NFT stands for non-fungible token, but what does that mean? And more importantly, should you care? The second question begs me to ask if you care about new trends in technology, currencies and collectables.
Do you want to be up to speed with pop culture? Many of us just don’t care, and if that is you, I give you permission to stop reading. However, if you’ve been hearing about the growing popularity of NFTs in cyberspace and wonder what it’s all about, continue reading as I will simplify it all for you.
The F in NFT is for ‘fungible’. This refers to something that is interchangeable with something else of identical perceived or agreed upon value. The best example is a dollar bill – it can be exchanged for 100 pennies, 4 quarters or even for another dollar bill.
The N is for ‘non’, so something non-fungible is not identical to anything. It’s unique. It’s one of a kind or rare as there is only one. It’s something others may want to collect, and this will enhance its value. The value of something non-fungible is provable by what people are willing to pay/trade for it.
The T is for ‘token’ referring to the virtual image of the non-fungible that resides in cyberspace. The process for putting these tokens in cyberspace, is called ‘minting’. There are websites dedicated to the whole NFT process including their minting, valuing, and trading/selling.
These websites, referred to as NFT marketplaces, all offer super easy-to-follow screens so anyone can easily process NFT transactions. They charge a processing fee called ‘gas’, a one-time charge, when an NFT is minted.
Some marketplaces charge more than others, depending on the exposure they provide, the value you initially put on your NFT, and if you want a fee whenever it’s traded. The gas charge does make sense as once an NFT is minted, it’s there forever in cyberspace.
To pay for the minting of your own unique tokens, and/or to acquire any, you need to use cryptocurrency from your crypto wallet. MetaMask is a popular online crypto wallet. It’s easy to set up an account as you only need to enter a name, email and password.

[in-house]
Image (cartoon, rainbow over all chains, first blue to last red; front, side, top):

You then need to transfer money into your account to buy/convert to cryptocurrency. Once you have this currency in your wallet, you can spend it. You can’t use your ATM or credit cards as they don’t deal in crypto currency. One day they may, but not yet.
Have I lost you? Yes, it sounds crazy to pay for an image that is only available virtually and pay for it with money that is also only virtual. You can’t hold your image, nor display it on your coffee table. But if you own the image, you own its value in cryptocurrency, and it is your image to trade, to keep, to collect, again increasing your cryptocurrency.
Cryptocurrency may be virtual, but initially you paid for it with a real currency from your bank or credit card, or maybe you started it virtually, by trading something for the virtual transfer of cryptocurrency to your crypto wallet account.
Your cryptocurrency can increase in value as you trade in the cyber marketplace. You can even convert it back to hard cash. Keeping that in mind may help you understand that even though cryptocurrency and NFTs are virtual, they do have convertible value.
Anyone can go to an NFT marketplace website and browse the NTFs and their stories. There are hundreds of thousands available, including artwork, company logos, famous landmarks, cartoon characters, symbols, and just about anything else you can think of. There are no boundaries.
It’s really astonishing the value of some NFTs. Many are continually traded, and their value keeps growing. There is a famous early NFT that initially sold for an equivalent of around $15; now it’s valued at $450K. An unbelievable story, and there a lot more similar NFT stories to marvel at.
A NFT image can be designed from a photo, and the photo can be duplicated into a set with a variety of colours and features to differentiate it from the original image. An image can be minted into one NFT, or a set of images can be minted into a collection. You determine the value of your NFTs when you mint them and can even value some in a collection higher than others.
The value of an NFT, and of a collection, increases as it’s traded. One very knowledgeable gentleman told me to make sure I keep a few, or even half, of the NFTs in my collection when I mint them. He said this would be a smart investment in case the value of the collection increases over time.
You see, if I sell them all, and their value grows in the future, I’ll only have bragging rights of being the designer, and others will be benefiting, growing their cryptocurrency from my design.
I’m jumping on the NFT bandwagon, not letting my age get in the way. Right now, I’m having a lot of fun working on my Happy Cat NFT Collection by designing a set of 18 images. They are based on my Happy Cat logo, the cartoon-like cat face I’ve been drawing since I was a young girl.
Soon I’ll mint them on OpenSea, a popular NFT marketplace. One day I may promote them, trying to get some traded, but not yet. I’m just doing it for fun and will keep checking out the growing number of NFTs available and reading their stories.
Give it a try yourself. Go online and check out OpenSea, Rarible or Binance, all popular NFT marketplaces. See for yourself what’s going on with NFTs and you’ll be amazed at what you find.
Are you open to exploring new technologies, currencies and financial tools? What about creative outlets? Is there something you’d like to know more about concerning NFTs?